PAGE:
Pumpkin Flan

Pumpkin Flan

I love any holiday that involves eating for several hours (with a glass or two of wine.) What I particularly love is a holiday from home that I can share with my kids, making it a tradition for them. We’ve celebrated Canadian Thanksgiving here for the past few years – probably since our first born was eating solids. I don’t know if the kids really understand what it’s about, but I do know that they look forward to Thanksgiving dinner, especially when we share it with friends and family.

This year, we celebrated with another family who are good friends of ours. This is all part of our master plan to integrate Canadian traditions into the British psyche. First we brought them Canada Day in the form of a BBQ, and now we bring them desserts made from pumpkin.

I kept it fairly traditional: turkey, ham, potatoes, veggies, rolls, gravy, and two different desserts. One should always have a back-up dessert, just in case your guests hate your first dessert. It could happen.

I do love a good pumpkin pie, but I tend to make pumpkin cheesecake for something a little different. This year, I came across a recipe for pumpkin flan (http://www.marthastewart.com/339046/pumpkin-flan) and had to try it out. It combines two desserts I love – pumpkin pie and crème caramel. It also appeals to my husband’s lack of wheat consumption, and I’m all for anything that has a lot of cream in it.

The kids went for ice cream and/or the apple cake, although my friend’s son did try the flan and gave it a thumbs up. We thought it was a nice finish to the meal – not too sweet, and still had that pumpkin pie sort of flavour. I didn’t put the whipped cream on top, mostly because I completely forgot it was in the fridge. I don’t think it needs it, but if you want to add it, I think it would be nice with a little cinnamon or orange zest added to it.

I made this in a 9” springform pan, and had no troubles getting it out afterwards. It was difficult to tell if it was done; I just sort of poked at it until it looked like it was set. The wonderful thing about this is that you can make it well ahead of time and actually seems to improve with age. I made this the day before and it was still delicious a couple of days later.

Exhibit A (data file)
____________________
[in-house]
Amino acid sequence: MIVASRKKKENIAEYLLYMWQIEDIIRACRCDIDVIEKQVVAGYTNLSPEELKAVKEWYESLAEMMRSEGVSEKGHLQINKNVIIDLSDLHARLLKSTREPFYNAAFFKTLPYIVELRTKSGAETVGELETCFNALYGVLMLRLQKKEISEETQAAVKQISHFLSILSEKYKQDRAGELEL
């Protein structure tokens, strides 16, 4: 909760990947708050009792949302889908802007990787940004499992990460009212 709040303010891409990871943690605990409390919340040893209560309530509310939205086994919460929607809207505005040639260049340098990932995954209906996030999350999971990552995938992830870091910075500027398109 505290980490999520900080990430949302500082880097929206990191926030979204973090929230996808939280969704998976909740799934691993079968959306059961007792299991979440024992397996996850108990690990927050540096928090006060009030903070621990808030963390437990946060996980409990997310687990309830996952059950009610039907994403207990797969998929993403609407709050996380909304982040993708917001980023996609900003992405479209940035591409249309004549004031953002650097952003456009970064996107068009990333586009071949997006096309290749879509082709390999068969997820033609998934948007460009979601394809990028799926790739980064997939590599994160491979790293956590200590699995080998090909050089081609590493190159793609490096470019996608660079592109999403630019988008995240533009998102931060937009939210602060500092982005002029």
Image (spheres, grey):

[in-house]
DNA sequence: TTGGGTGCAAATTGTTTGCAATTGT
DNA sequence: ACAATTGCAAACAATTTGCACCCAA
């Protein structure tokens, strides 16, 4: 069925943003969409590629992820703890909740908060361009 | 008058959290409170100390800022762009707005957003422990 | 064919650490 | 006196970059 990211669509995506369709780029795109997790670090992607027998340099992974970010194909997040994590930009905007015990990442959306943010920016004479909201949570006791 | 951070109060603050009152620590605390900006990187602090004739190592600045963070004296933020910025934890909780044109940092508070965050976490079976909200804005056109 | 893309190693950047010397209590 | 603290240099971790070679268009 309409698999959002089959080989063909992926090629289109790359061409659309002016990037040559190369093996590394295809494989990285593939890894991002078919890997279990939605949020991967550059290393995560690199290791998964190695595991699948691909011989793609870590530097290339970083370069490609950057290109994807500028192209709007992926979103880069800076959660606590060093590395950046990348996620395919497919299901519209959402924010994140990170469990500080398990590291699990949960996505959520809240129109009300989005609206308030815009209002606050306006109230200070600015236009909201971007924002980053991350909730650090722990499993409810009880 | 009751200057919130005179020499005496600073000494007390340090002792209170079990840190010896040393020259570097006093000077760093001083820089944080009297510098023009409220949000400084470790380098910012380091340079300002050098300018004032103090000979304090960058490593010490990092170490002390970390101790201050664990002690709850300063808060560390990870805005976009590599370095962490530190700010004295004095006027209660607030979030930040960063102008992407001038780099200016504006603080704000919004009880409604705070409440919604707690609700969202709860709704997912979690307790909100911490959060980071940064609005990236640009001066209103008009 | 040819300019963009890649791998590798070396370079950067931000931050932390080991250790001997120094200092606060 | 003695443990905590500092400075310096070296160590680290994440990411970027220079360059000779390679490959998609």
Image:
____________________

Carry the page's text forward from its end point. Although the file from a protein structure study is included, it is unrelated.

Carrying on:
Pumpkin Flan


  • 1/2 cup granulated sugar
  • 3/4 cup light-brown sugar
  • 1/2 teaspoon ground cinnamon
  • 1/2 teaspoon ground ginger
  • 1/4 teaspoon ground nutmeg
  • 1/4 teaspoon salt
  • 1 cup cooked pumpkin puree (about half a tin)
  • 1 1/2 cups half-and-half or double cream
  • 5 large eggs, beaten
  • 1 teaspoon pure vanilla extract
  • 1/2 cup heavy cream/whipping cream, whipped


Preheat the oven to 350 degrees.

Put the granulated sugar in a saucepan over medium heat.

Let it sit in the pan until it begins to melt and turn brown (about 5-10 minutes).

Stir it a little until it’s the colour of maple syrup, then immediately pour it into your flan pan.

Swirl it around to cover the bottom of the pan.

In a large bowl, whisk together the brown sugar, cinnamon, ginger, nutmeg, and salt.

Stir in pumpkin puree.

In a medium bowl, whisk together the half-and-half, eggs, and vanilla.

Thoroughly blend the egg mixture into the pumpkin puree.

Set the flan tin in a large roasting pan, and pour the custard over the caramel.

Carefully pour enough hot tap water into the roasting pan to reach halfway up the sides of the pie plate.

Bake until the custard is set, about 1 hour and 10 minutes.

Cool and chill in the refrigerator.

Run a knife around the outside edge of the flan and invert it onto a rimmed plate (this wasn’t necessary with a springform pan.)

Cut into wedges or scoop and serve with a dollop of whipped cream.


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